In the present study, we reported our experience with transthoracic pericardial window operation. The study results showed that pericardial window operation with a small anterior thoracotomy approach was effective with a low complication rate, compared to sternotomy or subxiphoid approach. The length of hospital stay was also short with a low rate of recurrence. Having no early stage postoperative death also suggests that pericardiopleural window creation was effective and safe way of treating pericardial effusions. The etiologies of the pericardial effusions have showed that malignant and idiopathic conditions are more often in our clinic, although some of the indications for pericardial window are; symptomatic pericardial effusions, asymptomatic effusions that warrant definitive diagnosis, coexisting pericardial, pleural or pulmonary pathology chylopericardium.[3] The main specialties which refer patients to our clinic for pericardial effusion surgery are cardiology, oncology, and endocrinology. Indeed, most idiopathic etiologies may represent undiagnosed viral infections and rheumatic diseases. Pericardiocentesis can be also used for the treatment of pericardial effusions. However, this method is associated with high recurrence rates and may not be helpful for definitive treatment.[4] Therefore, we should keep in mind that pericardial window operation cannot prevent recurrences, although it can markedly reduce the frequency.[5] Based on the literature data, recurrence rates of pericardial effusion in pericardial window operation range between 0% and %33.[6]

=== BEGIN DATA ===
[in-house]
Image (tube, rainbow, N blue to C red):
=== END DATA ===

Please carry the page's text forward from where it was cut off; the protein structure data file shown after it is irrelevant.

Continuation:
Although there are numerous methods for treating pericardial effusion, we used pericardial window operation to eliminate pericardial tamponade risk permanently. In addition, massive intractable pericardial effusions can be treated with pericardial window operation alone successfully.[1] It is recommended for the definitive treatment of pericardial effusion with malignant origin.[3,7] Surgical methods with minimal invasive techniques are also being more often used.[3] The most prevalent surgical approaches include subxiphoid and transthoracic approaches which are also well-tolerated by patients. In a study comparing both techniques, the authors reported that both required short operation times with similar postoperative complication rates, and length of hospital stay as well as recurrence rates were also low with both procedures.[6] Furthermore, minimally invasive surgery (video-assisted thoracoscopy), laparoscopic transabdominal pericardial window, and percutaneous balloon pericardial window are other common techniques used for surgical treatment of pericardial effusion.[7,8-10]